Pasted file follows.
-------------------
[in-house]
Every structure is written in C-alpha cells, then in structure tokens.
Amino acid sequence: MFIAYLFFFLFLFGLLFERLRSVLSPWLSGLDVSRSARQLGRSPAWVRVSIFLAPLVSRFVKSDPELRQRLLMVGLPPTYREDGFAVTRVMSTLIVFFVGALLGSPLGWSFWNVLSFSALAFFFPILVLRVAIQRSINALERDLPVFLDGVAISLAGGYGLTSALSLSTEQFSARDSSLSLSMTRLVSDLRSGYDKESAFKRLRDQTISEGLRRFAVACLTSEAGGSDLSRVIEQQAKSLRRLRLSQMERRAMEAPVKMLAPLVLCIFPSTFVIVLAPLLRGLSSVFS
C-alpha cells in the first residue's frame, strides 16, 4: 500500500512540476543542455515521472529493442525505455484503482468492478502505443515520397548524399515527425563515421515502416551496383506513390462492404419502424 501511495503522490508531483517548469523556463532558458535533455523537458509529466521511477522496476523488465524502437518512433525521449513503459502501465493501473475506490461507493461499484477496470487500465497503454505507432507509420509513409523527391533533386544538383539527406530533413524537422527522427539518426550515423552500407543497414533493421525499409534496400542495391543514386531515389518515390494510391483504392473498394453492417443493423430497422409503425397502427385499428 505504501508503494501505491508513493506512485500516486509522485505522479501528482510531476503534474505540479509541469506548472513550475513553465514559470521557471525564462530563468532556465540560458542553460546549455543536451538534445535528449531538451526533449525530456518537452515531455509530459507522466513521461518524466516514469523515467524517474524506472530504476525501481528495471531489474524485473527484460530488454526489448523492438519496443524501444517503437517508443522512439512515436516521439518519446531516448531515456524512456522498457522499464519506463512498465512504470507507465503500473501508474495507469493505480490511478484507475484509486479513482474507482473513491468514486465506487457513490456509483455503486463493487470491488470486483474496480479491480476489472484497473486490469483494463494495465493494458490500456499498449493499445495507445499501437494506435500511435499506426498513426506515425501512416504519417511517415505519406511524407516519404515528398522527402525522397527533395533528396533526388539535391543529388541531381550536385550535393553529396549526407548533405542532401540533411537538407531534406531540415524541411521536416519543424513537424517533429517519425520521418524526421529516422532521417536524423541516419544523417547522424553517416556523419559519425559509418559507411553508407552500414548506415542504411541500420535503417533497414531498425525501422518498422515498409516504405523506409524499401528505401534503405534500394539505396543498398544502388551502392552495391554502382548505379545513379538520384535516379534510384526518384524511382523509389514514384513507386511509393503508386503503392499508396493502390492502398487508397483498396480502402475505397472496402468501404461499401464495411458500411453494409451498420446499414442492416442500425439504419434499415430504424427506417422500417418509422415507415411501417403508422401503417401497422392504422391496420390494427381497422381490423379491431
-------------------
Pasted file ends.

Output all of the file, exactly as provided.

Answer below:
[in-house]
Every structure is written in C-alpha cells, then in structure tokens.
Amino acid sequence: MFIAYLFFFLFLFGLLFERLRSVLSPWLSGLDVSRSARQLGRSPAWVRVSIFLAPLVSRFVKSDPELRQRLLMVGLPPTYREDGFAVTRVMSTLIVFFVGALLGSPLGWSFWNVLSFSALAFFFPILVLRVAIQRSINALERDLPVFLDGVAISLAGGYGLTSALSLSTEQFSARDSSLSLSMTRLVSDLRSGYDKESAFKRLRDQTISEGLRRFAVACLTSEAGGSDLSRVIEQQAKSLRRLRLSQMERRAMEAPVKMLAPLVLCIFPSTFVIVLAPLLRGLSSVFS
C-alpha cells in the first residue's frame, strides 16, 4: 500500500512540476543542455515521472529493442525505455484503482468492478502505443515520397548524399515527425563515421515502416551496383506513390462492404419502424 501511495503522490508531483517548469523556463532558458535533455523537458509529466521511477522496476523488465524502437518512433525521449513503459502501465493501473475506490461507493461499484477496470487500465497503454505507432507509420509513409523527391533533386544538383539527406530533413524537422527522427539518426550515423552500407543497414533493421525499409534496400542495391543514386531515389518515390494510391483504392473498394453492417443493423430497422409503425397502427385499428 505504501508503494501505491508513493506512485500516486509522485505522479501528482510531476503534474505540479509541469506548472513550475513553465514559470521557471525564462530563468532556465540560458542553460546549455543536451538534445535528449531538451526533449525530456518537452515531455509530459507522466513521461518524466516514469523515467524517474524506472530504476525501481528495471531489474524485473527484460530488454526489448523492438519496443524501444517503437517508443522512439512515436516521439518519446531516448531515456524512456522498457522499464519506463512498465512504470507507465503500473501508474495507469493505480490511478484507475484509486479513482474507482473513491468514486465506487457513490456509483455503486463493487470491488470486483474496480479491480476489472484497473486490469483494463494495465493494458490500456499498449493499445495507445499501437494506435500511435499506426498513426506515425501512416504519417511517415505519406511524407516519404515528398522527402525522397527533395533528396533526388539535391543529388541531381550536385550535393553529396549526407548533405542532401540533411537538407531534406531540415524541411521536416519543424513537424517533429517519425520521418524526421529516422532521417536524423541516419544523417547522424553517416556523419559519425559509418559507411553508407552500414548506415542504411541500420535503417533497414531498425525501422518498422515498409516504405523506409524499401528505401534503405534500394539505396543498398544502388551502392552495391554502382548505379545513379538520384535516379534510384526518384524511382523509389514514384513507386511509393503508386503503392499508396493502390492502398487508397483498396480502402475505397472496402468501404461499401464495411458500411453494409451498420446499414442492416442500425439504419434499415430504424427506417422500417418509422415507415411501417403508422401503417401497422392504422391496420390494427381497422381490423379491431